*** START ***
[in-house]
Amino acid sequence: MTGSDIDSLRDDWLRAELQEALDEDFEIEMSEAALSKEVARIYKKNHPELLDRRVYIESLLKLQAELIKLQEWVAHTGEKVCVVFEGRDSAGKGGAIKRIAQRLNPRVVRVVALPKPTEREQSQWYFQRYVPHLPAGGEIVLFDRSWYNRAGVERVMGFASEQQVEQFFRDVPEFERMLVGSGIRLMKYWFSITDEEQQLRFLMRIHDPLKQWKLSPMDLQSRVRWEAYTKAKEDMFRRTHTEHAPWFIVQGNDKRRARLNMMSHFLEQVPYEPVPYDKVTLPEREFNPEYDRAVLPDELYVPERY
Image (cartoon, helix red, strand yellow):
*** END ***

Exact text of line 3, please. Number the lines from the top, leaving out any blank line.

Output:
Image (cartoon, helix red, strand yellow):